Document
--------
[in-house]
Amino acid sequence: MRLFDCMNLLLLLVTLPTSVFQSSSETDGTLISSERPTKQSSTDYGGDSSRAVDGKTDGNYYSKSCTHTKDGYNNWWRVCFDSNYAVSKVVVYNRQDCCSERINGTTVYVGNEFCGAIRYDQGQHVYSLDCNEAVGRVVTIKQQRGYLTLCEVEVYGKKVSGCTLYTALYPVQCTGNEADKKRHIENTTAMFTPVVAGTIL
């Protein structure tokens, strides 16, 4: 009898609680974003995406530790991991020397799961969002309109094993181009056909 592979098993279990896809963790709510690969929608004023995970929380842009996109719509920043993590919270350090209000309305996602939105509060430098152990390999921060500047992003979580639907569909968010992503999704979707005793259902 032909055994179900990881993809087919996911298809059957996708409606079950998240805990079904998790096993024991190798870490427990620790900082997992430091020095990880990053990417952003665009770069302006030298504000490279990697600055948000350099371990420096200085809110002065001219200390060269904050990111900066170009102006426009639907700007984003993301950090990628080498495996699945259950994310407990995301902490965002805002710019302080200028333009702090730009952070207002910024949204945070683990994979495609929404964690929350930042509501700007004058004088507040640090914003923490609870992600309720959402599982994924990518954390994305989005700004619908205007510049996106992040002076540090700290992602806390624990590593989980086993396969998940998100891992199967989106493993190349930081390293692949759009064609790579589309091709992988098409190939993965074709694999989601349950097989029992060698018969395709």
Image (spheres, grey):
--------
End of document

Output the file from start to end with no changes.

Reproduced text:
[in-house]
Amino acid sequence: MRLFDCMNLLLLLVTLPTSVFQSSSETDGTLISSERPTKQSSTDYGGDSSRAVDGKTDGNYYSKSCTHTKDGYNNWWRVCFDSNYAVSKVVVYNRQDCCSERINGTTVYVGNEFCGAIRYDQGQHVYSLDCNEAVGRVVTIKQQRGYLTLCEVEVYGKKVSGCTLYTALYPVQCTGNEADKKRHIENTTAMFTPVVAGTIL
């Protein structure tokens, strides 16, 4: 009898609680974003995406530790991991020397799961969002309109094993181009056909 592979098993279990896809963790709510690969929608004023995970929380842009996109719509920043993590919270350090209000309305996602939105509060430098152990390999921060500047992003979580639907569909968010992503999704979707005793259902 032909055994179900990881993809087919996911298809059957996708409606079950998240805990079904998790096993024991190798870490427990620790900082997992430091020095990880990053990417952003665009770069302006030298504000490279990697600055948000350099371990420096200085809110002065001219200390060269904050990111900066170009102006426009639907700007984003993301950090990628080498495996699945259950994310407990995301902490965002805002710019302080200028333009702090730009952070207002910024949204945070683990994979495609929404964690929350930042509501700007004058004088507040640090914003923490609870992600309720959402599982994924990518954390994305989005700004619908205007510049996106992040002076540090700290992602806390624990590593989980086993396969998940998100891992199967989106493993190349930081390293692949759009064609790579589309091709992988098409190939993965074709694999989601349950097989029992060698018969395709």
Image (spheres, grey):